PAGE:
Ebles' first wife was Aremburga, whom he married before 10 Oct 892.3 His second wife was Emilienne, whom he married in 911. When Emilienne died in 913/915, Ebles married Adele the following year.8 Adele has been commonly referred to as the daughter of Edward the Elder.9 Some sources believe that Adele was the same person as Edward's daughter, Ælfgifu, but that the confusion equating Ælfgifu to Adele arose from the fact that English historians did not recognize her name after it was translated into French. She has also been called Adela, Adele, Alaine, or Aliana.

Ebalus had one child by Emilienne, and another one by Adele :10

See also

Sources

  1. ^ Sir Francis Palgrave, The History of Normandy and of England, Volume I (London: Macmillan and Co., 1878), 143, 657.
  2. ^ Anna Trumbore Jones, Noble Lord, Good Shepherd: Episcopal Power and Piety in Aquitaine, 877-1050 (Boston: Brill, 2009), 68; Sir Francis Palgrave, The History of Normandy and of England, Volume I (London: Macmillan and Co., 1878), 656-657.
  3. ^ a b c Manuel Ortiz de la Vega, Los Héroes y las Grandezas de la Tierra (Madrid: Libreria de D. Jose Cuesta, 1856), 136.
  4. ^ Sir Francis Palgrave, The History of Normandy and of England, Volume I (London: Macmillan and Co., 1878), 676-677; Manuel Ortiz de la Vega, Los Héroes y las Grandezas de la Tierra (Madrid: Libreria de D. Jose Cuesta, 1856), 136
  5. ^ Sir Francis Palgrave, The History of Normandy and of England, Volume I (London: Macmillan and Co., 1878), 677; Manuel Ortiz de la Vega, Los Héroes y las Grandezas de la Tierra (Madrid: Libreria de D. Jose Cuesta, 1856), 136 (this source claims that the battle occurred on Saturday, August 21, 911)
  6. ^ Sir Francis Palgrave, The History of Normandy and of England, Volume I (London: Macmillan and Co., 1878), 678; E. Littre, Histoire de la Langue Francaise; Etudes sur les origins, l’etymologie, la grammaire, les dialectes, la versification, et les lettres au Moyen Age. Tome 2. (Paris: Didier, 1863), 143. The words of the ballad were: Mult par en fu puis tut le meis Estrange eschar entre Franceis; Vers en firent e estraboz U out assez de vilains moz.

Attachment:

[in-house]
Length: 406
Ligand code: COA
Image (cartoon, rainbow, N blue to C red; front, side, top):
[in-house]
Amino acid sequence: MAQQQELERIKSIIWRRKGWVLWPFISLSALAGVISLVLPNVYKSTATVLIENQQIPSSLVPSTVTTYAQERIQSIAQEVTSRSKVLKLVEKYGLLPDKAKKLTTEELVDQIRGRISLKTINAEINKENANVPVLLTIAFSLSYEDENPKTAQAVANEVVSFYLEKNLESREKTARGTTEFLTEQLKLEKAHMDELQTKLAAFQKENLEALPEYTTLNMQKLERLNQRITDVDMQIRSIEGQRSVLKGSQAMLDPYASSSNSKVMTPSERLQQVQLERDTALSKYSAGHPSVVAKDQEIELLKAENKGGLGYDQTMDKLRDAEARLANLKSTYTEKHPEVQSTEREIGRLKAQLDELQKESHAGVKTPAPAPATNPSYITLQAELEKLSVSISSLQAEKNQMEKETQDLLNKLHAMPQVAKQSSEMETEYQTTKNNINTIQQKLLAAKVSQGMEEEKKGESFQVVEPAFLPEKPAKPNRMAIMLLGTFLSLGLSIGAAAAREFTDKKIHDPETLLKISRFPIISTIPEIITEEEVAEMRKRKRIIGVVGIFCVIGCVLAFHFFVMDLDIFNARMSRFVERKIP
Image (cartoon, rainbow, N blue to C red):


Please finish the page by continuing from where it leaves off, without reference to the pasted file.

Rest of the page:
7. ^ Havilland Le Mesurier Chepmell, A Short Course of History: Second Series, Vol. II, V. History of the Middle Ages, Continued (London: Whittaker and Co., 1857), 156; Manuel Ortiz de la Vega, Los Héroes y las Grandezas de la Tierra (Madrid: Libreria de D. Jose Cuesta, 1856), 136.
  8. ^ Roderick W. Stuart, Royalty for Commoners: The complete known lineage of John of Gaunt, son of Edward III, King of England and Queen Philippa (Baltimore, MD: Genealogical Pub. Co., 1995), 83; Manuel Ortiz de la Vega, Los Héroes y las Grandezas de la Tierra (Madrid: Libreria de D. Jose Cuesta, 1856), 136.
  9. ^ Sir Francis Palgrave, The History of Normandy and of England, Volume II (London: John W. Parker and Son, 1857), 10; E. Henry Gurney, Reference Handbook for Readers, Students, and Teachers of English History (Boston: Ginn & Company, 1890), 22-23; William Bernard Mac Cabe, A Catholic History of England, Vol. II (London: T. C. Newby, 1849), 328; James Augustus St. John, History of the Four Conquests of England, Vol. I (London: Smith, Elder, & Co., 1862), 348-349; M. P. Thompson, “Traditions and Folk-Lore of Poitou,” The Catholic World 38(228) (March 1884), 779; Egerton Brydges, Ataviæ Regiæ (Florence: J. Marenigh, April 1820), 6 (Table XI), 64 (Table LXXXVII).
  10. ^ Manuel Ortiz de la Vega, Los Héroes y las Grandezas de la Tierra (Madrid: Libreria de D. Jose Cuesta, 1856), 136; American Historical Company, Colonial and Revolutionary Lineages of America: A collection of genealogical studies, completely documented, and appropriately illustrated, bearing upon notable early American lines and their collateral connections, Volume 23 (New York: American Historical Co., 1965), 312; D. Van Hoogstraten, M. Brouerius van Nidek, and J. L. Schuer, Groot algemeen historisch, geographisch, genealogisch, en oordeelkundig woordenboek, behelzende zo het voornaamste, dat vervat is in de woorden-boeken van Morery, Bayle, Buddeus, enz., (Amsterdam: Brunel, 1729), 277; Maurice La Châtre E. Giuseppe Latty, Storia del Dispotismo ossia Papi, Imperatori, Re, Ecc. Loro Fasti E Reati, Volume IV (Torino: Presso Editodo, 1853), 420.
  11. ^ Manuel Ortiz de la Vega, Los Héroes y las Grandezas de la Tierra (Madrid: Libreria de D. Jose Cuesta, 1856), 136
  • Lewis, Archibald R. The Development of Southern French and Catalan Society, 718-1050. [1] [2]

Ebalus, Duke of Aquitaine
Born: 870 Died: 935
French nobility
Preceded by
Ranulf II
Duke of Aquitaine
890–892
Succeeded by
William I
Preceded by
Acfred
Duke of Aquitaine
902–935
Succeeded by
William III
Preceded by
Robert
Count of Poitiers
927–935







Creative Commons License